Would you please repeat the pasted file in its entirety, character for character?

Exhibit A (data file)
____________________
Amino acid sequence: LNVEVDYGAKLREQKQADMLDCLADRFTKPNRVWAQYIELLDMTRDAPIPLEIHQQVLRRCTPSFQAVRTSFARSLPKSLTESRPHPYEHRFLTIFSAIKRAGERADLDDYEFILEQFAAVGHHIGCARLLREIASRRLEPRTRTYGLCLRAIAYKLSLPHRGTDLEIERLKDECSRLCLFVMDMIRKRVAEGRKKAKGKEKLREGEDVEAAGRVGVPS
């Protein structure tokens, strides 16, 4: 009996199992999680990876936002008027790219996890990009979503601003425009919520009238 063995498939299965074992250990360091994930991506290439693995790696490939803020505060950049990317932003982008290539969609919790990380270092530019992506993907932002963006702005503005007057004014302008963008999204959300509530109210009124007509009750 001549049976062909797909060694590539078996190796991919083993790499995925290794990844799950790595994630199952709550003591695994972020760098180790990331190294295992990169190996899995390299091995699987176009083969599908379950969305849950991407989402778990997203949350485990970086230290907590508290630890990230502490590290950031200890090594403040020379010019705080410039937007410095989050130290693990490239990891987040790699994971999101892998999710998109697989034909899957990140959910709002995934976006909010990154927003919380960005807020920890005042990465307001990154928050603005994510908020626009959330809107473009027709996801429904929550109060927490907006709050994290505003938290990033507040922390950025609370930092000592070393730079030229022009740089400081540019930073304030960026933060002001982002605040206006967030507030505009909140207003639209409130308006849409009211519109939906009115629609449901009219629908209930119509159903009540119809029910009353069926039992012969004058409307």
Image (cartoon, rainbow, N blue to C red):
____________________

Amino acid sequence: LNVEVDYGAKLREQKQADMLDCLADRFTKPNRVWAQYIELLDMTRDAPIPLEIHQQVLRRCTPSFQAVRTSFARSLPKSLTESRPHPYEHRFLTIFSAIKRAGERADLDDYEFILEQFAAVGHHIGCARLLREIASRRLEPRTRTYGLCLRAIAYKLSLPHRGTDLEIERLKDECSRLCLFVMDMIRKRVAEGRKKAKGKEKLREGEDVEAAGRVGVPS
């Protein structure tokens, strides 16, 4: 009996199992999680990876936002008027790219996890990009979503601003425009919520009238 063995498939299965074992250990360091994930991506290439693995790696490939803020505060950049990317932003982008290539969609919790990380270092530019992506993907932002963006702005503005007057004014302008963008999204959300509530109210009124007509009750 001549049976062909797909060694590539078996190796991919083993790499995925290794990844799950790595994630199952709550003591695994972020760098180790990331190294295992990169190996899995390299091995699987176009083969599908379950969305849950991407989402778990997203949350485990970086230290907590508290630890990230502490590290950031200890090594403040020379010019705080410039937007410095989050130290693990490239990891987040790699994971999101892998999710998109697989034909899957990140959910709002995934976006909010990154927003919380960005807020920890005042990465307001990154928050603005994510908020626009959330809107473009027709996801429904929550109060927490907006709050994290505003938290990033507040922390950025609370930092000592070393730079030229022009740089400081540019930073304030960026933060002001982002605040206006967030507030505009909140207003639209409130308006849409009211519109939906009115629609449901009219629908209930119509159903009540119809029910009353069926039992012969004058409307």
Image (cartoon, rainbow, N blue to C red):